What Happens to a Claims Trade If a U.S. Bankruptcy Court and a Foreign Court Disagree on the Validity of the Trade?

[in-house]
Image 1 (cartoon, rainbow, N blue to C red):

Hedge funds that purchase bankruptcy claims assume numerous risks, including uncertainty relating to the timing and amount of distributions to be received in bankruptcy proceedings.  In particular, claims purchasers run the risk that the purchased claim will be disallowed, reduced, or subordinated altogether.  See “Five Steps Hedge Fund Managers Should Take to Mitigate Avoidance and Disallowance Risks After Delaware Court Finds that Avoidance and Disallowance Risks Travel with Trade Claims,” Hedge Fund Law Report, Vol. 5, No. 24 (Jun. 14, 2012).  A recent bankruptcy court opinion highlights another risk associated with bankruptcy claims trading – a risk relating to seller’s remorse where a seller “forum shops” among courts in different jurisdictions in an attempt to undo a trade.  In this case, the seller’s representative brought the matter to the U.S. Bankruptcy Court (U.S. Court) following an adverse decision in a “foreign main proceeding” in which a foreign court upheld a bankruptcy claim transaction entered into with a hedge fund purchaser.  In evaluating whether it would contravene the foreign court’s judgment, the U.S. Court considered: whether it was appropriate for the U.S. Court to conduct a plenary review under Section 363 of the U.S Bankruptcy Code (Code) to determine whether the transaction involved a transfer of property in the U.S., as mandated by Chapter 15 of the Code; and whether undoing the foreign court’s ruling would offend the principle of comity integral to Chapter 15 of the Code.  This article summarizes the factual background, legal analysis and decision in the case, including a discussion of the mechanics of Section 363; the requirement under Chapter 15 of a transfer of interest in property within the U.S.; and the doctrine of comity as applied in bankruptcy situations.

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